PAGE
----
This is an English rendering of Bhagavad-Gita’s Sixth Chapter, texts 16-26
Arjuna: What are some pitfalls to watch out for, some guidelines for success on this path of yoga?
Krishna: Don’t eat too much, but don’t starve either. Don’t sleep too much, but don’t stay up all the time either. Be intelligent in how you eat, relax, work, sleep, and stay awake. Then yoga will not be painful.
Arjuna: When is the path of yoga complete?
Krishna: The path is complete when your thoughts are fully under your control and thus remain fixed within the soul, freed from all selfish desires. Such a mind is like a candle in a windless place; it never wavers from its inward focus. By dedication to yoga, you will have stopped the outward flow of thoughts and directed them inward towards your soul; experiencing the satisfaction of truly seeing your self. Comprehending that vision is so limitlessly and transcendentally delightful that you will never wander off from its reality. When you attain it, you will want to attain nothing else; nothing else will seem important. When you are within it, not even the most severe suffering can disturb you. By knowing it, your union with misery will be dissolved, and your union with reality established.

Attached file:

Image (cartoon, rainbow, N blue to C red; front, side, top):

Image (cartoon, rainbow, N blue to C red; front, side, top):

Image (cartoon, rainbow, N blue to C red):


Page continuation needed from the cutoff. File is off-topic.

The path begins with the deep determination to practice yoga wholeheartedly. Then one completely gives up all convictions to pursue selfish desires, and constantly disciplines the mind and senses in all respects. Gradually the intelligence becomes strong and takes control. Then, it places the thoughts and emotions of the mind within the soul, and never even considers anything else.
Arjuna: But when I attempt to fix the mind within myself, it wanders.
Krishna: It will wander here and there at first, because it is a restless and unsteady thing. Wherever it goes, bring it back and again place it under your control.